There was a time when making a panorama was a tedious task. Taking the pictures had to be done just so and the assembly of different shots into a finished panorama was arduous. Having people in the panorama was difficult and mostly a no-no. Of course, that was a long time ago. Nowadays you just shoot a number of exposures moving the camera some to get overlapping pictures and the rest is just a few clicks away.

My favorite picture handling tool is Photo Gallery. I use it to import and manage my photos and to do the primary touch-ups and enhancements. But Photo Gallery is a powerful tool even though it is “long in tooth”, not having had an update in three years. It has a panorama tool right on the Create bar. You just select the photos to be combined and it does the rest.

I had a group of six shots taken on a busy street with food trucks. There were people all over the road including some children on the sidewalk in front of me. The photos were taken in rapid succession but the kids moved along quite a ways in the few seconds between the frames. I had planned to make a panorama of this scene. I just selected the photos the way they came out of the camera and sent them to Create > Panorama.

Photo Gallery uses the “engine” from the Microsoft Image Composite Editor to make panoramas. It overlaps the photos and makes alignments, warping each frame to achieve its ends. It even adjusts the exposures as necessary. Here is what it looked like before cropping:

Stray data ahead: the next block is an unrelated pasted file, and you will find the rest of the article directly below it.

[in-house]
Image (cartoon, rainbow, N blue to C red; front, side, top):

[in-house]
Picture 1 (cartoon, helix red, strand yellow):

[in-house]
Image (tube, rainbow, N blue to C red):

LK8_4936-41-S1-1280

With cropping and some enhancing my panorama looked like this:

LK8_4936-41-S3-1280

If you look really hard you will notice the running boy on the sidewalk is also pictured a little farther along. Cute. I checked my originals and indeed the boy appears in all six, but the panorama tool only shows him twice. Here is a portion of that panorama done as “café art”:

Food Truck Alley

Photo Gallery also incorporates a link to ICE, the Microsoft Image Composite Editor (if installed). Now this program has been updated recently and has powerful ways of controlling the image. So I passed the six photos, now a bit enhanced but not cropped, to ICE. It assembled the parts a bit differently. The boy is still duplicated, along with his companion, and another passerby has been cloned. In the default assembly ICE did make a noticeable stitching error but it is minor. Here the uncropped version:

Christmas in the Corners 2015

ICE can save the assembled composite to your computer of upload it directly to Photosynth. I did that. If you click on the image above you will be taken to the panorama in Photosynth.

Here are enlargements of the sections with cloned pedestrians:

Christmas in the Corners 2015

Christmas in the Corners 2015

Note how nice the “clones” fit into the crowd. They look like regular people. You might even miss them on first glance.

There is more fun that can be made out of these six photos, but that is for another time. Here are the six photos, click on them any you can see them in Photosynth. Note: If you are running Windows 10 and using the Edge browser, you probably will not be able to see this display in Photosynth. Switch to Firefox or Opera and the presentation will run. (Hey Microsoft, do you get the message?)

Christmas in the Corners 2015

.:.

© 2015 Ludwig Keck